Many Arab Spring countries suffered decades of endemic corruption and the exploitation of their resources. Members of their former governments had stolen billions of dollars of assets and, for the large part, spirited them out of those countries and into the large financial centres and property markets across the world. While some large sums of money flew out of the countries as the regimes fell, the bulk of the looted assets had already been siphoned overseas over much longer periods of time.
Following the Arab Spring, a new approach to asset recovery was necessary. Last year the Arab Forum on Asset Recovery met in Doha for the first time. Arab Spring countries, the Group of Eight (G8) and other key Middle East and North African countries gathered to talk collectively about recovering these assets. Seizing assets such as property, money and vehicles and proving in court that the assets have been obtained through corrupt means is both technically and politically difficult. The Arab Forum was in many ways a wake-up call for the international community and filled an unquestionable need to bring everyone together to talk about the difficulties experienced on both sides.
One year on from Doha, I am leading the UK delegation to the second Arab Forum in Marrakesh. Over three days we will look at the complexities of identifying and returning the proceeds of international corruption. International asset recovery, using government-to-government mutual legal assistance requests, is a complex and highly legalistic process, but there are good reasons for this. Respect for the rule of law requires that there is a strong and thorough legal case before anyone’s personal assets are confiscated, but we should also be concerned about balance.
While it’s important to acknowledge the challenges we face, it’s also timely for us to reflect on the progress that has been made. The UK is serious about getting assets back to the people of the Arab Spring countries. To that end the UK has undertaken a thorough review of its policy and legislation to look at how we can improve our work on international asset recovery. And last year the prime minister, David Cameron, created an Asset Recovery Task Force with 10 full-time investigators and a regionally based prosecutor in Cairo to work proactively on recovering assets stolen from Arab Spring countries. UK investigators now work alongside their counterparts to progress cases in the region and in parallel we have opened domestic money-laundering investigations into individuals with significant assets in the UK.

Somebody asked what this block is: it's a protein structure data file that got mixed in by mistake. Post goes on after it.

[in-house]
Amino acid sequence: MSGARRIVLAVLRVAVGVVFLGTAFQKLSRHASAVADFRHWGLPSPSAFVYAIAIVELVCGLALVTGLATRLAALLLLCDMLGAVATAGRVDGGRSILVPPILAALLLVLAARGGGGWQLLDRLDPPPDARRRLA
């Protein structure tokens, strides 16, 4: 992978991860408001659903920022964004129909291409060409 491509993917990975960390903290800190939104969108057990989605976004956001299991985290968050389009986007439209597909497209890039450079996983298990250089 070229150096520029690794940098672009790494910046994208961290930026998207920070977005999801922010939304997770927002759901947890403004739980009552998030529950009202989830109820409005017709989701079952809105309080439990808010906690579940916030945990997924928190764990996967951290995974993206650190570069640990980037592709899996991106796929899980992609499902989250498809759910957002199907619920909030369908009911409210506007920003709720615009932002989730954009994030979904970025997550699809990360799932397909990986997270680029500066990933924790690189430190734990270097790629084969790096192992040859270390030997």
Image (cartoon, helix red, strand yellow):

It is obviously better to prevent assets being stolen from countries in the first place. The UK supports a number of international programmes which aim to build strong, transparent institutions in the Middle East and other regions. In many cases this has included reforming financial management systems, developing or supporting national audit offices and anti-corruption commissions, so it is easier to spot discrepancies in the public purse. These programmes can reap big rewards for the countries concerned. For example, in Uganda one programme identified payments being made to more than 9,000 non-existent public sector employees, saving in excess of £6 million (Dh35.6m) per year.
But it is clearly not only the Arab Spring countries that are affected by such large-scale corruption, it exists on every continent. This year the UK put transparency at the heart of our G8 presidency activities. At the G8 Summit in June, leaders agreed to bring transparency to company ownership. We agreed that companies should be required to obtain and hold information on who really owns and benefits from them and make this information available to law enforcement agencies. As it stands, fake companies can be set up in jurisdictions all over the world and large sums of money can be deposited within these companies, with authorities unaware of who really benefits from the proceeds. This practice is known to fuel corruption the world over. Steps like this will help the international effort to reduce the avenues available to hide the proceeds of crime and corruption.
Despite all our collective efforts, we recognise that the path ahead will not always be easy. It will require dedication and painstaking effort over years, not months. There will be frustrations along the way. Some may be tempted to lay the blame on a lack of political will. I can assure you that at least on the part of my government, that is not the case.
But if we do nothing, then we simply encourage corrupt politicians and officials – today and in the future – to believe that they too can enrich themselves at the expense of their people. We are determined that no country should suffer for the corruption of their former governments. By assembling in Morocco, we are demonstrating that every country has a part to play in the fight against corruption and the recovery of stolen assets.
Dominic Grieve is the UK attorney general